Players warned a strike was possible without changes from United States Soccer Federation.
Speaking to CBS in an interview broadcast Sunday on "60 Minutes," star striker Carli Lloyd and teammates Becky Sauerbrunn, Morgan Brian and Christen Press warned a strike was possible without changes from US Soccer, whose contract with the players expires at the end of the year.
"It would be a discussion that we would have to have," US captain and defender Sauerbrunn said.
Lloyd scored a hat trick in last year's Women's World Cup final at Vancouver to spark a 5-2 US triumph over Japan. She said the US fight was important to women around the world and beyond football or sports.
"This is history-making what we're doing, what we're fighting for," Lloyd said. "It not only resonates with this team and with generations to come, but it's global as well."
Asked how far they were willing to carry the fight for equal support from US Soccer, Lloyd said: "Until we get what we want."
The Americans also won the Women's World Cup in 1991 and on home soil in 1999.
US women had also captured four gold medals and a silver at the Olympics until this year at Rio, where they were ousted in the quarter-finals by Sweden on penalty kicks.
The US men's team, less successful by far compared to equivalent global rivals, with the report saying US Soccer will net $5 million US women's ticket sales while the men will lose about $1 million.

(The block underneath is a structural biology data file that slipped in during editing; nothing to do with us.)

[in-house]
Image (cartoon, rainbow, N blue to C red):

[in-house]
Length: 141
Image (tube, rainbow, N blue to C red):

The women have filed a complaint with the Equal Employment Opportunity Commission, which is looking into differences in support for the US men's and women's teams not only in salary but also playing conditions, equipment and travel.
"We wanted to put pressure on them, and so with the EEOC complaint, it's seemed like a no-brainer for us," Sauerbrunn said.
The women accuse US Soccer of violating equal pay and sex discrimination laws. The commission has the power to award damages or issue rights for workers to sue but it could also do nothing at all.
US women have complained about the quality of pitches in some areas, with a match in Hawaii called off because of a playing surface considered sub standard.
US women fly coach, while the men's team has first class plane tickets in their contract with US Soccer.
"To be able to perform like we do and to be the best in the world, we should be treated the same as them," Brian said.
The US Soccer Federation, in a statement to CBS, said they "are actively working to reach a new agreement with the women's team."
"They are looking backwards, you know?" said Sauerbrunn.
"We're looking to go forwards from now on and we've shown -- and they've projected in their own financials -- that we're going to make them money. So it's, I think, unfair to pay us less based on performances in the past."